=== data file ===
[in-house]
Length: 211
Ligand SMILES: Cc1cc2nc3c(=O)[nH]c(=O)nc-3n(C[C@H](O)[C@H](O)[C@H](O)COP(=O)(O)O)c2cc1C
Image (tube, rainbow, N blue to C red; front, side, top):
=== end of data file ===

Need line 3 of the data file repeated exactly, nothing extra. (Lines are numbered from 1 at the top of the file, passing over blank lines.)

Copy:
Ligand SMILES: Cc1cc2nc3c(=O)[nH]c(=O)nc-3n(C[C@H](O)[C@H](O)[C@H](O)COP(=O)(O)O)c2cc1C